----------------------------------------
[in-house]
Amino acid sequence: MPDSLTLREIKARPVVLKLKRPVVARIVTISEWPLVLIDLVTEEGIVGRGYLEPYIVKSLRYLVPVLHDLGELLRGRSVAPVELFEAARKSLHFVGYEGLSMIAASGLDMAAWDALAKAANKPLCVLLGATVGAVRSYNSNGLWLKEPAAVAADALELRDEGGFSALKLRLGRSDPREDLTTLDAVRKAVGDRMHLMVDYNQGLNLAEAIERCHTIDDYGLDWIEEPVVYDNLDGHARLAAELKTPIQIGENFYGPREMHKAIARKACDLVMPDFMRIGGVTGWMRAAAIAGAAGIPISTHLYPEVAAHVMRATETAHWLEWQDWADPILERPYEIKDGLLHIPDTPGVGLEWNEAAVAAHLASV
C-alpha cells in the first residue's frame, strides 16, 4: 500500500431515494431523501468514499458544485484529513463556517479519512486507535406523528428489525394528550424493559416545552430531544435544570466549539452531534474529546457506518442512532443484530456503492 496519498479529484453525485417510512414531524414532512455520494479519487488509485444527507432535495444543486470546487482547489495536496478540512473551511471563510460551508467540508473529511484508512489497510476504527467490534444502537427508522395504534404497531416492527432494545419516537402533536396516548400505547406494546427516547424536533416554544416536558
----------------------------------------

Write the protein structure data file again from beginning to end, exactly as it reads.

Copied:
[in-house]
Amino acid sequence: MPDSLTLREIKARPVVLKLKRPVVARIVTISEWPLVLIDLVTEEGIVGRGYLEPYIVKSLRYLVPVLHDLGELLRGRSVAPVELFEAARKSLHFVGYEGLSMIAASGLDMAAWDALAKAANKPLCVLLGATVGAVRSYNSNGLWLKEPAAVAADALELRDEGGFSALKLRLGRSDPREDLTTLDAVRKAVGDRMHLMVDYNQGLNLAEAIERCHTIDDYGLDWIEEPVVYDNLDGHARLAAELKTPIQIGENFYGPREMHKAIARKACDLVMPDFMRIGGVTGWMRAAAIAGAAGIPISTHLYPEVAAHVMRATETAHWLEWQDWADPILERPYEIKDGLLHIPDTPGVGLEWNEAAVAAHLASV
C-alpha cells in the first residue's frame, strides 16, 4: 500500500431515494431523501468514499458544485484529513463556517479519512486507535406523528428489525394528550424493559416545552430531544435544570466549539452531534474529546457506518442512532443484530456503492 496519498479529484453525485417510512414531524414532512455520494479519487488509485444527507432535495444543486470546487482547489495536496478540512473551511471563510460551508467540508473529511484508512489497510476504527467490534444502537427508522395504534404497531416492527432494545419516537402533536396516548400505547406494546427516547424536533416554544416536558